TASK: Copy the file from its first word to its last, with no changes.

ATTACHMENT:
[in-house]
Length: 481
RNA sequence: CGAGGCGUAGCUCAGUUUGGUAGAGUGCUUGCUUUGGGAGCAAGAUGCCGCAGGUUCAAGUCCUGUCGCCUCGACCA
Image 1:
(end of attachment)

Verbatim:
[in-house]
Length: 481
RNA sequence: CGAGGCGUAGCUCAGUUUGGUAGAGUGCUUGCUUUGGGAGCAAGAUGCCGCAGGUUCAAGUCCUGUCGCCUCGACCA
Image 1: